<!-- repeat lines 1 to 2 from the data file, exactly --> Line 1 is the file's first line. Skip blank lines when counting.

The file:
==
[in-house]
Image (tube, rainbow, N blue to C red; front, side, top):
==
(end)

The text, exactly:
[in-house]
Image (tube, rainbow, N blue to C red; front, side, top):